September 20, 1999
Brazilian fossil bears African features, could
challenge theories on settlement

                  RIO DE JANEIRO (Reuters) -- Anthropologists in Rio unveiled the oldest
                  known human fossil from the Americas Monday, a woman's skull with
                  African features that could revolutionize theories on the continent's early

                  The fossil -- first discovered in Brazil in 1975 but only recently found to
                  come from a woman who lived 11,500 years ago -- shows there were
                  human beings on the continent long before Asian immigration, said
                  anthropologist Ricardo Ventura Santos.

                  "This is a piece that in practice is important toward understanding ... the
                  settlement of the Americas," said Ventura Santos, of the National Museum
                  and the prestigious Federal University of Rio de Janeiro (UFRJ).

                  "There's a lot of curiosity about it, that's why we're showing it to the media

                  Scientists dubbed the woman "Luiza," Brazil's answer to the famed "Lucy,"
                  just over a year ago when new methods proved she was the earliest known
                  American. Luiza's namesake is a 3.2 million-year-old human ancestor found
                  in Ethiopia and now on display in a Paris museum.

                  Scientists say Luiza was a nomad who wandered with about a dozen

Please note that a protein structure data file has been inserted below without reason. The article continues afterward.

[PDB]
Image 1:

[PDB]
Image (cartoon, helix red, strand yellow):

relatives in an area of what is now central Brazil, eating the natural vegetation
                  or on occasion animal meat. She died at around age 20 in some sort of

                  Before Luiza's appearance, paleontologists had been working on the theory
                  that the earliest Americans were the Asian ancestors of the Indians that
                  European colonizers encountered when they arrived on the American
                  continents 500 years ago.

                  These ancestors would have come from what we now know as Siberia and
                  Mongolia and crossed the Bering Straight between Asia and North America
                  on a glacial bridge at the end of the last Ice Age.

                  About a year ago, archeologist Walter Neves, one of the few specialists in
                  human paleontology in Brazil, took an interest in the unusual shape of Luiza's
                  skull, which had been packed away for decades in the museum's vast

                  He believed the skull, which had been originally dug up from a 43-foot deep
                  cavern in the Brazilian state of Minas Gerais, showed Negroid features
                  rather than the Mongoloid features typical of Brazil's Indians.

                  "Its characteristics are very different in relation to the native population.
                  Therefore, it has an very big importance, above all in explaining the
                  settlement of the Americas and also for the history of humanity," said Jose
                  Henrique Vilhena, UFRJ's rector.

                  A tomography commissioned by a documentary team from Britain's BBC
                  and Rio's National Museum confirmed that Luiza had the round eyes, large
                  nose and pronounced chin characteristic of Australian aboriginals and native

                  A team of specialists in England did the imaging of Luiza's skull and molded
                  a bust of her head that will be on display alongside her skull at the museum.

                  The scientists believe Luiza's ancestors were in the same line of descent as
                  Australia's aboriginals and crossed the northernmost Pacific Ocean by boat
                  nearly 15,000 years ago, next to glaciers that were forming at that time.

                     Copyright 1999 Reuters.